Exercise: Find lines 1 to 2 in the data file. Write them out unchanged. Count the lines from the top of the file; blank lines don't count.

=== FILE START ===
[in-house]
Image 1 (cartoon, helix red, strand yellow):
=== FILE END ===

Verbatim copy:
[in-house]
Image 1 (cartoon, helix red, strand yellow):